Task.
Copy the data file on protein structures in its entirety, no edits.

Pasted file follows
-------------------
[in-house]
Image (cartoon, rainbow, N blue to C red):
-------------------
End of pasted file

[in-house]
Image (cartoon, rainbow, N blue to C red):